Malaysia plans to reduce its reliance on foreign workers by phasing out labor-intensive industries and monitoring investments closely.
The government wants a “manageable” number of overseas workers, Mustapa Mohamed, Malaysia’s trade and industry minister, told reporters in Singapore today.
“We are moving up the value chain,” Mustapa said. “Malaysia is not a place for purely labor-intensive industries,” he said, adding that while the nation will continue to need foreign workers in plantations, restaurants and as domestic helpers, it will be “more selective” in evaluating investment proposals from companies.
Malaysia joins neighboring Singapore in planning to reduce its reliance on overseas workers to appease voters. Singapore tightened curbs on foreign labor for a fourth straight year in its budget last month amid public discontent over infrastructure strains and record-high housing and transport costs after the population jumped by more than 1.1 million since mid-2004.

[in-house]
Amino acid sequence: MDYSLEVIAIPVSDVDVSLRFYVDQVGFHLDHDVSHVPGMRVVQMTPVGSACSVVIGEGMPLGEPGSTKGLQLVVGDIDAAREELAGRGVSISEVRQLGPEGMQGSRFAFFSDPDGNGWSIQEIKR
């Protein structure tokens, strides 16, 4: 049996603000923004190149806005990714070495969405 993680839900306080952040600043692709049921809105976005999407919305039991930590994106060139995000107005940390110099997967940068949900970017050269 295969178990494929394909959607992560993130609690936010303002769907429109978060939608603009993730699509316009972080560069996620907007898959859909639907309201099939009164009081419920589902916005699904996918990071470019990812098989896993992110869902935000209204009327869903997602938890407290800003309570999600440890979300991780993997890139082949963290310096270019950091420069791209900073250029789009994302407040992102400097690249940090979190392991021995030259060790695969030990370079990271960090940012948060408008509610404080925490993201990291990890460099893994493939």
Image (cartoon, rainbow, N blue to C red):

Malaysia has about 3 million foreign workers, of whom almost half are illegal, Mustapa said. The opposition has proposed reducing the number of overseas laborers to 1 million, he said.
Malaysian Prime Minister Najib Razak must dissolve parliament by April 28 and hold elections within 60 days. The ruling National Front will do “a bit better” in elections this year than in 2008, Mustapa said.
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